It’s a mistake for the government to be so opaque about the data they’ll use to guide our exit from lockdown, writes Andy Cowper
As schools return in England, the government’s roadmap to lifting covid-19 restrictions comes into sharper focus. There is, of course, a risk that the return of in-person education for all in schools (rather than just for vulnerable children or the children of key workers, as previously) will drive an increase in the transmission of covid-19.
The principle expounded by prime minister Boris Johnson at the roadmap’s launch was that the lifting of lockdown restrictions would be driven by “data, not dates.”
Inevitably, the four stages listed in this document (of which stage one is actually two separate stages: the 8 March “schools reopening” and the 29 March “rule of six/two families outdoors/outdoor sport”) were accompanied by indicative dates, albeit with an emphasis of “no earlier than” and a five week gap between each to assess the impacts of the last stage’s easing of restrictions. This five week gap provides the government with four weeks’ data to allow assessment of the last changes’ impact; followed by one week’s notice for businesses and communities to prepare.
To guide its assessment of progress, the government set itself four rules:
- The vaccine deployment programme continues successfully.
- Evidence shows vaccines are sufficiently effective in reducing hospitalisations and deaths in those vaccinated.
- Infection rates do not risk a surge in hospitalisations, which would put unsustainable pressure on the NHS.
- Our assessment of the risks is not fundamentally changed by new “variants of concern.”
That all seems quite sensible. What is more opaque, however, is the actual data and thresholds that will be used to guide their decision making. It is not obviously clear why this should not be clarified.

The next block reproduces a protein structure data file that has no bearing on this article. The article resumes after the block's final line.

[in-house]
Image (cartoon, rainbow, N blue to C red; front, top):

Given the levels of anxiety or paranoia among some parts of the community about covid-19 being a hoax (which, of course, it isn’t), and that research shows that “gender, education, and ethnicity were independently associated with vaccine hesitancy,” this feels like a mistake. Research has also shown that vaccine take-up is lower among ethnic minority NHS staff.
The hesitancy paradox
More than a mistake, the failure to release this information could actually become a paradox. To date, take-up of the vaccine has been high: the figures show well over 90% in the 65+ age groups targeted so far. This is unsurprising, as the most vulnerable groups have been first to be offered the vaccine: those at highest risk of serious illness can most see its importance to them. Analyst Duncan Robertson has offered pertinent analysis of the take-up data.
Yet given that vaccine hesitancy lies more in the populations yet to be vaccinated, it would obviously mitigate against the government’s first self-test if the lack of maximum transparency about the data and criteria to be used were to entrench these worries—however scientifically illiterate they may be.
We also need to bear in mind the legacy of public concern about the government’s handling of the pandemic so far. Research in December 2020 found that the majority of UK respondents distrusted the government’s handling of the pandemic: this distrust had doubled since the start of the pandemic. This study also found that nearly two thirds (64%) of respondents thought that the UK government had failed to prepare properly for a second wave of SARS-CoV-2 infections.
The vaccination programme and its procurement have been rare bright spots in the government’s pandemic response. For many, the refusal to take SAGE’s September 2020 advice for a circuit breaker lockdown, and the subsequent rising tide of infections (clashing with the government’s “save Christmas” narrative), brought us the dreadful toll of the second national wave over the past few months.
As health economist Professor John Appleby pointed out at the end of January 2021, “50% of all covid-19 deaths in the UK have happened over the last two and a half months.”
The covid-19 public inquiry is going to be a big event.
Andy Cowper is a freelance journalist and editor of Health Policy Insight.
Competing interests: none declared.